Yesterday marked the last day of the winter transfer window for football teams in England. As well as whipping football fans across the country into a frenzy, it also saw brands and other organisations trying hard to go viral with posts that often fell flat on their face.
Not only did they fail to impress because they were eye-rollingly unimaginative, but they often ended up upsetting football fans in their attempts at football ‘banter’. Football fans can be a ruthless bunch, so if you are intent on joining in, you better make sure your contribution is funny, and composed by someone who knows what they’re talking about.
Case in point: Heathrow Airport. In some ways, it made sense for it to latch on to the Deadline Day hashtag, what with players flying in and out of the airport in order to complete their moves. However, the airport’s posts touched a nerve with some fans, leading to a slew of unrepeatable responses. It was, perhaps, little surprise then that the @HeathrowAirport account kept its posts to a minimum after the the first few dozen unsavoury replies.
What does is it teach us? You’ve got to assess how your posts are going to be received if you choose to push for viral content on the back of a hashtag.
Here are some other examples of poor social media marketing decisions, as provided by Social Media Today:
Making boring or irrelevant posts
Without deliberating for too long on Heathrow Airport’s efforts yesterday, the posts that they did make were pretty predictable – or boring, to be blunt. You can get away with stretching the relevancy fairly thin if your content makes up for it by being amusing or insightful. However, if if it’s both irrelevant AND boring, your followers will wonder why you even bothered – as will you, most likely.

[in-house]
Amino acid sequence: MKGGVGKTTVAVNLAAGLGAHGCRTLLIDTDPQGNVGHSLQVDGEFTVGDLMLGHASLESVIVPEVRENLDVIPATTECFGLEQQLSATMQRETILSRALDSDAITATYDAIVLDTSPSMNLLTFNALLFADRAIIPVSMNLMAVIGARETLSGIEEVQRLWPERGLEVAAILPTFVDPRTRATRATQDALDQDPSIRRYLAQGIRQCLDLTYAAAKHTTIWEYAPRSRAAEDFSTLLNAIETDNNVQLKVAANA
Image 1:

Coming across as forceful in your content
We say it time and time again in this blog, but today’s consumers are turned cold by a hard-sell, or forceful approach. They want to feel like they are buying a product because they need it, not just because they’ve been convinced to part with their money – who can blame them? Your tone on social media should reflect this, with the focus of the content on adding value to your customers’ online experience.
Coming across as authentic means more than just ensuring you are responding to mentions; you’ve got to make sure that you’re being genuine in your interest. Of course, a reply is better than nothing, but make a real impact on the individual who has taken the time to mention your business by giving a person-specific response.
Talking about sensitive topics
You can’t really call football a ‘serious’ topic, but that doesn’t mean that football fans aren’t a sensitive lot. Offend their team and you can expect their wrath. Businesses would be wise to steer clear of the big two: politics and religion. If you simply can’t avoid them, avoid taking a stance, instead acting as an impartial curator of content.
What other poor decisions do you see organisations make in their social media marketing attempts?Ben Hollom
February 2, 2016